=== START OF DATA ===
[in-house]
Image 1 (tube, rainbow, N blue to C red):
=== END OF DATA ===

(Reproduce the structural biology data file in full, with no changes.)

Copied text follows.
[in-house]
Image 1 (tube, rainbow, N blue to C red):